The apex court on Monday rejected a plea against the discharge of BJP President Amit Shah in the 2005 Sohrabuddin Sheikh fake encounter case, questioning the locus standi of petitioner Harsh Mander, a social activist, in the matter.
The bench comprising Justices SA Bobde and Ashok Bhushan said after nearly a half-an-hour hearing on the plea.
“When the person is genuinely aggrieved then the issue takes a different colour but when the person is not remotely connected and wants to revive the case then it is a different matter,” said the bench, while giving relief to Shah.
Former bureaucrat Mander had challenged the Bombay High Court order which had upheld the discharge of Shah by the trial court in the case.
Arguing for the petitioner, senior advocate Kapil Sibal said, “CBI has filed the charge sheet but I am unable to understand why did they turn turtle. Even his (Sohrabuddin) brother who filed the case against Shah withdrew his case later.”
He said that it is a high profile case which was transferred from Gujarat to Maharashtra and added that justice to the people of India should be done. “CBI has filed a charge sheet and had made Shah accused number 16. It is a case of murder,” Sibal argued.
On the bench questioning petitioner’s locus standi of Mander in the case, Sibal cited some earlier judgments of the apex court and said any member of society can have a locus in the case.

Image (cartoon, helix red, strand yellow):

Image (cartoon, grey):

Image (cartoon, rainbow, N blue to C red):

On the other hand, appearing for Shah, senior advocate Harish Salve cited various judgments of the apex court and questioned the locus of Mander in the case.
“This court has already held that if one is not connected with the case, he cannot interfere with anyone’s trial,” Salve said contending that “it cannot be a case that if State is not going to file an appeal, I will file the appeal”.
In his petition, Mander had sought quashing of the December 30, 2014 order of a Mumbai sessions court giving clean chit to Shah in the case. The petitioner had questioned the findings of sessions court which was endorsed by the high court exonerating Shah in the Tulsiram Prajapati killing case, holding that there existed “no case” against him and that he had been implicated for “political reasons”.
The Bombay High Court had dismissed Harsh Mander’s plea in March this year.